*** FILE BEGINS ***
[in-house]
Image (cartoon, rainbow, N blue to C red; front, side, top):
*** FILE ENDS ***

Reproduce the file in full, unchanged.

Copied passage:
[in-house]
Image (cartoon, rainbow, N blue to C red; front, side, top):